While rummaging through the drawer in my relative’s house, I came across the photograph of a little boy at a garden. It is an old photograph. It was bright and sunny, and flowers bloomed in the foreground and back. I presume it was spring. He held onto his aunt with one tiny hand while the other cupped and pressed against his right temple, his eyes gazing away from the photographer. That boy, clad in T-shirt and red shorts with a red baseball cap, is me. I have zero memory of the events that unfolded that day in the garden. I do not recall why that boy had his hand pressed against his temple. In fact, I am not even certain if I was pressing against my temple or merely trying to shield myself from the sun.
That is the problem with photographs. While we willingly or unwillingly let ourselves be frozen into stillness, hoping to retain its memories – childbirth, birthdays, graduations, marriage, even deaths –and emotions, you realised that you retain a little of it, sometimes none at all. I do not despise it, neither am I fond of it.
But there is something worth capturing. Something that makes even the timidest man venture into unchartered grounds or foreign territories to capture the unspeakable and unthinkable. Otherwise, I imagine photography to be a dying trade.
I find it amusing that the boy in the picture is me. But how much of him is retained in my bloodstream? It has been more than 10 years since that picture was taken. I have completed 12 years of compulsory education. I am about to complete National Service. My physique, my voice, my train of thoughts, my linguistic capabilities, and my preferences have changed. I am unable to comprehend his decisions and his actions. Likewise, he would be eluded by the choices I will make or the hobbies I have. In so many different ways, we are unalike. Yet that child, in T-shirt and red shorts with a red baseball cap, is me.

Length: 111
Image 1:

I yearn to peek into his mind. To see his train of thoughts when he took his first solo elevator ride, his first solo bus ride, his first durian tasting … I wonder if he had paced back and forth at the lobby, taking a deep breath to calm his nerves before taking a step through the hole in the wall. I wonder if he had anxiously looked out of the window as the bus halted and the commuters alighted and boarded, or had he merely followed the crowd. I wonder if his face creased in disgust as he inhaled the pungent odour of the spiky fruit his father had pried open, or had he simply dismissed the smell and tore apart the flesh of the tropical fruit with his milk teeth.
Had he decided to take a different route home from school, would he still be me today? Had he decided to be vegetarian, would he still be me today? Had he arrived late at the hospital with a burning fever when he was four, would I still exist today? He – that is I- had gone through many dramas, many of which I yearned to have prescience of.
Regardless, the photograph, taken on that long forgotten day, still remains foreign.
This is the problem with that photograph: that little boy in it reminded myself of who I used to be and who I no longer am.
“What I can see is what I am not.” – Aleksandar Hemon, The Lazarus Project.
*Disclaimer: This post is greatly inspired by a passage on personal identity from “Betraying Spinoza” written by Rebecca Newberger Goldstein. I write with the hopes of improving my writing, feedback appreciated.